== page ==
And his bare minimum for previous OSes:


Thanks for the responses and suggestions, which had lead me into the right direction to create this answer.

Here are the steps to recover your previous PATH environmental variable contents if you have any application or background process running that has started before your PATH had changed:

  1. Download Progress Explorer: https://learn.microsoft.com/nl-nl/sysinternals/downloads/process-explorer .
  2. Open progexp.exe.
  3. In the Process list, find an application that has been running since before your PATH change. Right click the application and select Properties....

enter image description here

  1. In the properties window, click the Environment tab. You will see the PATH variable that was used to start this application with. If no environmental variables show up for this process, try another process.

enter image description here

  1. Click the Path entry in the list and press ctrl + c to copy their contents.
  2. Paste the copied contents in a text editor and remove the initial Path part. You now have the lost PATH entries that you had lost. WARNING: This obtained Path consists of the system PATH combined with your user-specific PATH (in that order, separated by a ;). If only one of both PATH variables has been lost, you can use the remaining one to determine where the split between system and user paths was.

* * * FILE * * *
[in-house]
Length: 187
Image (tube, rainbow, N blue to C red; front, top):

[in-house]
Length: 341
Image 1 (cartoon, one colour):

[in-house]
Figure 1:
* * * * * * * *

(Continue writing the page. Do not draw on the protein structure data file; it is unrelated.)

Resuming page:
This method works because environmental variables are cloned into a new environment when a process starts, thus remaining unchanged for the lifetime of that process (unless deliberately changed). So as long as you have a process running that started before an undesired change to PATH was made, it is possible to get the pre-changed PATH using this method.


I only discovered the problem with the environment variables days after they got ruined by the installation of an outdated app. But I still had a full registry backup. There one can find all the system environment variables as off the date of the backup. These can then be compared with the current situation as per System / Advanced system settings / Environment variables. Depending upon how recent the backup is, and assuming no environment variable changes since then, you are ok. Worst case is that you'll have to reinstall the apps that you had installed after the registry backup and before losing your path data, which is typically less work than a restore. Below I'll explain how this can be done.